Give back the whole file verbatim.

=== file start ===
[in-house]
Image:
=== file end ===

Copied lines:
[in-house]
Image: